tly covering the withdrawal of his trains
the- Centreville road, and making his re
at. Our position was maintained wi:h but
,ht loss on both sides. Major General
Llarnl(y was left l-y the enemy dead on the
Id. Dluring the i:ght. the 'nemy fell back
Fairfax Court House, and abandoned his
sition At Centreville. Yesterday about noon.
ev aenateddy~prftjnr}-axe--tal' ne h
uS.. ~.. .ortied 'to me, to Alexandria and
I have as yet bdin -unable to get official re
rts of' our loss or captures in these varikus
m-ment<. Many gailant uflicers have
:i killed or wounded. Of the general otli
rs, Ewell, 'frimble, Taliaferro, Fields, .Jenk
a::d Mlahone, have been reported:wound
Coloneis Means. Marshall, Baylor, Nefl
1 Gadbery, killed. About seven tltousafnd
ison(:rs have alre-ady heeii paroled, about
e same number ofrumall arims collected fron
field, and thirty pieces of cainun captor
bcides a nunibr: of wagons. ambulances.
A large number of arms stiil remain on
e ground. For want of transportation val.
ble stores had to :e destroycd as capt ured,
file the enemy, at their various depots are
ported to have hirned many millions of
operty in their rereat.
Nofthing ecou.ld sirpaiss the gallantry andI
durance (If the trmps who hiave cheerinlky
re every danger and hardslip, bo1th on
e battle field and narch. I have the honor
, he very ncspectfuly, your most obedient
RL. E. LTA:, General.
Chantilly-the pite. where General Lee-s
spatech is dated-b six or eighdt miles north
'Centreville. It aptears from the context of
is dispaitch, that the rout of the enemy was
t so complete a~ te public was at first in
netd to sunpose jyet enough is known to
termineO the facJ of a real :tnd utnmistakable
treat of his arme~s in Virginia to the pro
nets otf Washit:aon. This fact is lput be.
2nd question bylbe admnissions of the Noath
njour als thenkelves.
The battle of serumntown,, last Monday,
e learn, from j genutlemnan who lf that
lace last Wedudday, wras a mouch more im
rtant affair th . i-as at first supposed. M-~
:r rpulsin;: the..nemtty. General [1i1's di ri
on2 captured ulfards of a hundred wagons,
tded with lal ts and other valuable prop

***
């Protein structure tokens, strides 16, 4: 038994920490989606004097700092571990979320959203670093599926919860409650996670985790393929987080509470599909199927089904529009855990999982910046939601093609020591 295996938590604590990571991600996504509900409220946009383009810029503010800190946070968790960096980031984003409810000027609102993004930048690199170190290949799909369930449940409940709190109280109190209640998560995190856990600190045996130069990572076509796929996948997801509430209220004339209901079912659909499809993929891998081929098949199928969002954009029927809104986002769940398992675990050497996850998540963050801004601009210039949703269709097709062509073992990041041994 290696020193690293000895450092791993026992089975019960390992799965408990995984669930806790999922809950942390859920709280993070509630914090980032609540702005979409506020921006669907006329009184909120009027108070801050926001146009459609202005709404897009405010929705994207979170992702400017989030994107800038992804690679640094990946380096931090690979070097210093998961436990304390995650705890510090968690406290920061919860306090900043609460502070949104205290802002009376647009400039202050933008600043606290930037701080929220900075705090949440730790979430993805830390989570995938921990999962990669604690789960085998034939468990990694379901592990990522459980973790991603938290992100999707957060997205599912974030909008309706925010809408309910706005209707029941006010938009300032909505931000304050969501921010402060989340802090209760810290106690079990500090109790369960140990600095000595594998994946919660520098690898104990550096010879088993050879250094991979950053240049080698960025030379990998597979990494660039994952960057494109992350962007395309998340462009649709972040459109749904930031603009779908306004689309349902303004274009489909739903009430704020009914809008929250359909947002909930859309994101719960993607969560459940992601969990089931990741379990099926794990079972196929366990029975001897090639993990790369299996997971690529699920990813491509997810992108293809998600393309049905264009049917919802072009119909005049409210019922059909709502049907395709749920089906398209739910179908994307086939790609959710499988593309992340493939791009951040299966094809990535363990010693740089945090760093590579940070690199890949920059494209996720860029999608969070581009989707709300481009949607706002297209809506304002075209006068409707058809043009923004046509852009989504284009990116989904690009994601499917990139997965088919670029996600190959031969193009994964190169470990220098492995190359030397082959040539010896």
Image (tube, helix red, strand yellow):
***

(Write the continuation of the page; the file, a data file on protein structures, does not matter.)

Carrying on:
rty. The nurter of blarkets is said to
ave been fo.urtin thousand. General Ken
ey, as stated by~eneral Lee, was left dead
a the field.
A corsodtoteCalso Xer-cu
The 13th Regnent, Col. Edwards, hiad 25
iled ad 118 wiended. Total casualties,
43. The 14th :egiment. Col. McGowan,
ad 10 killed and 3 wonnded. Total ecu
ies, 72. Gen. t'egg's brigade reputlsed live
,isti:Ct charges wvhout as~tsitnce, and1 sub
ernenty, being rnforced, three other char
es, making eight. This brigad' was engagedl
romt eight o'clockin the miorning until sun
Fmmu:-I'uerl Surnf~;is.-In many of' the first
:las houses receeg erected in England, lire
aice shuttirs are-ovided, which, when pant
y drawn down, a as powerful blowers, and
.Vhen wholly dranu down so as to touchl the
-art hstone, enti-ly close up the fireplace,
oid instatntly eyniguish the comnbustion of
he fuel in the aie, or that of' the soot in
twi chimner.y shid it accidentally take ire.
South Carolina in the Field.
From an approximate estimate of tiwt
strenigth of the South Carolina rein:e:
battalionmi, and conpa nies, t:, w in Confider
ate. service,' appet.d.tI to te h .o Il rt of the
Chief of the Mihta'y th-arimn:tt of thi.s
Slate, we make the ftIllow iug : ,b.-:rnawt
Artillery,. ............ 4 S7
Cavalry ................ 4,714
We learn from the Report of the A-sistant
Adjutant Generail, C. D. Melton. esq., that
thi.s force is listributed among the dioferent
armns of the se: vice.- as follows:
Iindij r//.-Twenty--eight reginenis, two